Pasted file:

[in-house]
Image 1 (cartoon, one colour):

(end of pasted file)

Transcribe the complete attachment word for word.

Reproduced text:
[in-house]
Image 1 (cartoon, one colour):